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The checkcompat() Cookbook
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20.3 Alphabetized V8.8 Subroutines

Many subroutines inside sendmail can be very useful in writing your own checkcompat() routine. Always try to use sendmail's internal routines rather than redesigning your own. Those supplied with sendmail have already been screened and tested by a large body of skilled programmers.

In this section we list the ones that we consider most useful and describe how best to use them (see Table 20.3).

Table 20.3: Handy Subroutines for Use with checkcompat()
addheaderSection 20.3.1, addheader()Add a new header to the list of headers
defineSection 20.3.2, define()Define a macro
Section 20.3.3How to remove a header
hvalueSection 20.3.4, hvalue()Look up a header's field by name
macidSection 20.3.5, macid()Convert a text string macro name into an integer
macvalueSection 20.3.6, macvalue()Fetch a macro's value
->map_lookupSection 20.3.7, ->map-lookup()Look up a key in an external database
wordinclassSection 20.3.8Look up a word in a class

Be aware that these subroutines are documented for V8.8 sendmail. If you are using a different version of sendmail, you must familiarize yourself with the source before attempting to use them. Mismatched parameters can cause errors that are difficult to diagnose.

20.3.1 addheader()

Add a new header to the list of headers

The addheader() routine is used to add a new header to the existing list of headers. Note that since it does not check for duplicates, you should screen for the existence of a header before adding it (unless it is okay for multiple headers to exist):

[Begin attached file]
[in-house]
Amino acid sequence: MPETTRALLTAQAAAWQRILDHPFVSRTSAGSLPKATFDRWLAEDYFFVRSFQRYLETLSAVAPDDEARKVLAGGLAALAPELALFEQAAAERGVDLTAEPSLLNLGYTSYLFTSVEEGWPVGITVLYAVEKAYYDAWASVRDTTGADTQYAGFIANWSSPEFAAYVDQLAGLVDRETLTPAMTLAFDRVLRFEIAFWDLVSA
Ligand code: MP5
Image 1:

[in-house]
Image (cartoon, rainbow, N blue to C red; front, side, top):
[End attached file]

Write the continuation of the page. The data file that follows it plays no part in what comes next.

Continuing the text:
char value[MAXLINE];

(void)sprintf(value, "Screened by checkcompat() for %s", q_user);
(void)addheader("x-screened", value, e->e_header);

Memory for the name of the new header and its value are allocated internally by addheader(), so automatic variables can be safely passed. Note that the first argument to addheader() (line 4) is the name of the header. If you accidentally include a colon in that argument, the name will be stored with that colon included, and later the header name will be incorrectly emitted with two colons.

Note that addheader does not check for the validity of its arguments. If you pass it NULL or an illegal address, you may cause sendmail to core-dump and fail. You are dealing with sendmail internals here, so be very careful.

20.3.2 define()

Define a macro

Macros can be defined and redefined inside checkcompat() using the define() routine. It is called like this:

define( macid, value, envel);

Here, macid is the literal character in the case of a single-character macro name (such as 'A') or the identifying value for a multicharacter name (this latter being derived from a call to macid(). The value is the value to be assigned to the macro. (Note that if the macro already has a value, that prior value is overwritten.) The envel is a pointer to the envelope (in the case of checkcompat() it is e).

To illustrate, consider the following code fragment that assigns a new value to the macros $A and ${foo}:

int mid;

* A single-character name is given a value that is the address
* of a character constant.
define( 'A', "some text as a value", e);

* A multi-character name is given a value that is in malloc()d
* memory space.
mid = macid("{foo}", NULL);
define(mid, newstr(to->qpaddr), e);